I guess I could get a whole lot of comments if I chose to stridently voice my opinions on UGA's athletic director. I have lots of opinions, too.
But I guess that's why I like having a Blog. I can challenge my own ideas and find new lines of thought, new avenues of expression.
I noticed with interest that Evans reportedly used a line with the arresting officer. In essence, he said, "But, everybody's doing it!"
Familiar retort. That was his defense and the response (or the associated, "But everyone's done it!") of many who argue that Evans should be kept in position.
The overused excuse didn't work with the police and it may not work with President Adams. If Evans is dismissed and he chooses to contest the decision, perhaps that will be the core element of his attorney's closing argument to the jury.
But here's my point-- we all know what Evans has done. It's on all the Blogs. Everyone who follows sports in the SEC is aware. His very unflattering picture has been on countless web sites. Even photo-shopped for comedic effect.
But how about us?
"Everybody's doing it" is often used as a defense. I think it's much more valuable as a torch of introspection.
How are we doing? Are there areas of compromise in our lives? Are we as husbands lying to our wives so we can sneak out and scurry through the shadows? Where were we this past Wednesday night? Where will we be tonight? Do we have habits that might lead to destructive results?
Are we doing it, whatever it is? If so, what are we doing about it? Are we doing all we can to do all we can? Do we have speed bumps on our private roads of passion? Keep Out signs on dangerous web sites, office doors, and night clubs?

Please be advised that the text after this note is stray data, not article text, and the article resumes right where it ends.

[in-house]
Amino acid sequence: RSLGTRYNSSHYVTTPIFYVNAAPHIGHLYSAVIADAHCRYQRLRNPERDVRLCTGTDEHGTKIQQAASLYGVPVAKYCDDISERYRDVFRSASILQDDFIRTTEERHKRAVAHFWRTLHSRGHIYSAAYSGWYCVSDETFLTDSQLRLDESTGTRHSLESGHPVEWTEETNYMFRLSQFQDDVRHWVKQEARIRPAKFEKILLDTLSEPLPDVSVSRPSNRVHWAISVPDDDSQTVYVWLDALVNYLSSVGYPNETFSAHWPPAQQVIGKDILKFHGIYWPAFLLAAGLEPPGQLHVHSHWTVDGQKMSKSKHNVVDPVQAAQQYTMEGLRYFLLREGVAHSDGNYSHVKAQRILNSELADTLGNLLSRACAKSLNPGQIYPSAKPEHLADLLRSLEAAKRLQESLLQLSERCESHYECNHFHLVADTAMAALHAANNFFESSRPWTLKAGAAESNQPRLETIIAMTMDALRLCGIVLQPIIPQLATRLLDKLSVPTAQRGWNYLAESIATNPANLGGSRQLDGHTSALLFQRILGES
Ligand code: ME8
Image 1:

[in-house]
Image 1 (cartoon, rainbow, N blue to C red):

As we shine the light on our own souls, we should also hold it up a bit so that we can see around us some. Do we have relationships with other men that hold us accountable? If we feel like stepping out on our spouses, who would we tell? Do we have friends who can handle that kind of cell phone call? Guys who know me best and still love me? Someone who will put an arm around me and tell I'm an idiot, while seriously warning me so that my picture doesn't end up in the AJC? If my will is strong, is there one buddy who will run to my side and sit with me until the anger at my spouse, or the feeling of disappointment, or the flames of desire die down?
I wonder if Damon Evans has friends that will validate him as a person, whether or not he keeps his job or his marriage? Someone who cares not one iota whether Evans is the athletic director of a major college or the janitor who cleans up the stadium?
To whom would you go after the news broke? When the tears of regret come, is there a shoulder to cry on? Not some woman, but a man who will clasp you in a bearhug and not let go? Hopefully, there is a face that just flashed in your mind, bringing a smile and a sense of thankfulness to your heart.
Everybody's doing it may signal hope. It's not a shield that keeps us living in separation and irresponsibility. I like to think of it as that torch of introspection, and when joined together with other men who carry the same flame, it becomes a bonfire. The knowledge of our mutual weaknesses should cause us to emerge out of the darkness.
This is dangerous living. The shadows seem so comforting. Not everyone can manage our stuff. But it is the shadows that are the real danger. The bonfire is the warmth, the protection, the opportunity for life that we all long for. It's the glint from that fire, I believe, that makes us men love sports.
We need to really talk, guys. Relate as men. Dare to be vulnerable. Let's be warned so that we don't lose what is truly valuable. And be warmed by a community of men that care for each other.